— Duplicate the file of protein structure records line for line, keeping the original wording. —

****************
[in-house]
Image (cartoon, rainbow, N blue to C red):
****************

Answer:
[in-house]
Image (cartoon, rainbow, N blue to C red):